Last week, I wrote that the first time for anything is fun and special and challenging. A first kiss, a first win, a first job. Those firsts may not be what you thought they would be, but they hold a special charm that will always be remembered and felt. That’s how this weekend felt in Louisville. It was a first and because it was a first, it was imperfect but charming, and challenging but better for it.
The first and probably biggest challenge of the weekend was the Ohio River, next to which Eva Bandman park is located. Due to recent storms in the northeast, the Ohio River swelled causing hydrologists to predict the park would be flooded by late Saturday night, making Sunday racing an impossibility. So the organizers compressed the race schedule into one day. Racers and coaches reportedly took the news angrily or ambivalently depending on their country of origin. As a fan who was planning on standing in freezing temperatures for two days, I was stoked to hear it would be just one day instead. And once the races got started, I can’t imagine having the event any other way but compressed. There was only 30 minutes to 1 hour between races, so it was just enough time to get in line for beer, visit the restroom, and find another good spot on the course before the next race. Plus, it added to the excitement to have 4 championships in a day. Each race built on the previous one and by the men’s elite race, you couldn’t have found more excited fans even if you had moved the races back to Europe. The men and women of the Louisville Municipal Sewer Department deserve a big thank you for the work they did to hold back the Ohio River. They were literally building temporary levees and piling sandbags next to the river through all of the day’s events. I don’t think we would have made it much past the women’s race if they weren’t so damn good at their jobs. Thanks Louisville MSD.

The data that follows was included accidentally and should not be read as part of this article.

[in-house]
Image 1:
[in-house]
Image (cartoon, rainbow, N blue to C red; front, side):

Thanks to the Louisville Metro Sewer Department for the sandbags, temporary levees, and water pumps.
The second challenge was the weather. It snowed about 2 inches on Saturday morning before the races started. Despite Kentucky’s historically bad handling of winter weather (Yes, Kentucky gets snow every year, but for some reason it can’t quite get a handle on what to do when that happens…every year…. I’m a Kentuckian. This is a fact.), the roads were salted and clear. The races started on time and never fell behind schedule. To add to the snow, Saturday’s temperatures proved difficult for cyclists, but made for a fantastic course. Early on, in the Juniors race, the course was frozen which made for tricky run-ups, extra sliding around corners, and pit stops to pick up fresh bikes whose gears weren’t frozen. As the day warmed up, the snow melted into the dirt, creating Super Mud Fest 2013. The U23 and men’s elite cyclists all look like creatures from the Black Lagoon they were so muddy. I’m not sure how the cyclists felt about that, but it made for an awesome spectator experience. Oh, and maybe my favorite weather moment of the day was when it started to snow as the elite men began their race, the last race of the day. Anticipation was tangible, camaraderie abounded (partly due to intoxication levels), and snow started to fall at almost the same moment that the race began. It felt like cycling magic.